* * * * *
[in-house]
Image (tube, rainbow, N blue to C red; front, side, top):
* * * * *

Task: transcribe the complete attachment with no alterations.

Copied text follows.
[in-house]
Image (tube, rainbow, N blue to C red; front, side, top):